Dr. Saturday

Mark Richt joins Greg Schiano’s anti-kickoff bandwagon

Matt Hinton
Dr. Saturday

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Sorry, traditionalists: If you were hoping Rutgers' coach Greg Schiano's recent proposal to eliminate kickoffs would land on deaf ears and slink back into the ether without a second thought, it looks like you're going to be very disappointed. The Schiano Plan — which would replace all kickoffs with a 4th-and-15 situation that would give the kicking team the option of punting or going for a first down from its own 30-yard line — has already gained some traction in the media, and now has the endorsement of another high profile head coach, Georgia's Mark Richt, who told an audience Tuesday that he wouldn't mind seeing the kickoff go, either:

"It is violent," Richt said Tuesday at the Peach State Pigskin Preview. "It is very, very physical. You've got a bunch of guys that can run fast and are strong and they are not afraid, it's kind of a manhood thing. No one's going to back down."
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"The part about not kicking off I think if it went to a vote, I would vote for no kickoff also," Richt said. "I would just place the ball at the 23-yard line or whatever the average has been. I'm sure the defensive coaches would want it on the 18. Offensive coaches would want it on the 30."

Like Schiano, Richt's qualms about the violence of kickoffs comes from direct experience: In 2003, UGA return man Decory Bryant suffered a broken neck during a return, which ended his football career. Schiano's proposal was in direct response to the hit that felled one of his players, Eric LeGrand, who was paralyzed from the neck down while covering a kickoff last October. (Most recently, LeGrand tweeted on Monday that he has "Twitches going throughout the body" and pledged to followers "I will be back.") Richt doesn't expect any major movement to legislate kickoffs out of the game "any time soon" — and such a movement would represent probably the greatest affront to the way the game is played since the forward pass was introduced for similar safety reasons a century ago — but his endorsement is another indication that the idea is far from a dead letter.{YSP:MORE}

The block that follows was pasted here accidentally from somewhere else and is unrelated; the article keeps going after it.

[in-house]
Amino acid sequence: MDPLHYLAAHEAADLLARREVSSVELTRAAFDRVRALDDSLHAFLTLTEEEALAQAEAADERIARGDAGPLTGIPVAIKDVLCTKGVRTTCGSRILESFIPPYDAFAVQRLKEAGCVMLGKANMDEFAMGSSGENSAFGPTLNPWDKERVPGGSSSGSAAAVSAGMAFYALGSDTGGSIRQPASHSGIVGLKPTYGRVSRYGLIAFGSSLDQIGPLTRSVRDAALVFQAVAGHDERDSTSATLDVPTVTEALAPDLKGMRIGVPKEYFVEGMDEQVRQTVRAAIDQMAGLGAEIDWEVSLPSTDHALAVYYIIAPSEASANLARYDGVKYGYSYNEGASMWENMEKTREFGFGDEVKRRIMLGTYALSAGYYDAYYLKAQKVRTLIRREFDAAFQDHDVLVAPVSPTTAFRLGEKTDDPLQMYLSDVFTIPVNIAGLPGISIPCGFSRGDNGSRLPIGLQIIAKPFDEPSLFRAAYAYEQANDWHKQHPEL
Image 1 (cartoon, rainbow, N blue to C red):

In the meantime, the strategic risk/reward elements of Schiano's plan are already proving to be catnip for stat geeks. One of them, Football Outsiders' Bill Connelly, took issue with some pundits' claim that converting a 4th-and-15 from the 30-yard line was easier than recovering an onside kick, and thus more likely to lead to teams electing to play "make it, take it" after a score than we see now with post-score kickoffs. Not so, according to Connelly, whose numbers show that, on average, kicking teams are roughly twice as successful at recovering an onside kick as offenses are at converting a 4th-and-15 between their own 21 and 40-yard line, and that's without separating the dramatically higher success rate of surprise onside kicks from the overwhelmingly futile attempts at the end of a game.

To even out the odds of the kicking team keeping the ball under the Schiano Plan with the current odds, the proposal should revise its recommendation from 4th-and-15 to 4th-and-12 or 4th-and-13 instead. At this point, though — two forward-thinking coaches notwithstanding — we're likely still years away from the cultural sea change necessary to make that kind of detail relevant.

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Matt Hinton is on Twitter: Follow him @DrSaturday.

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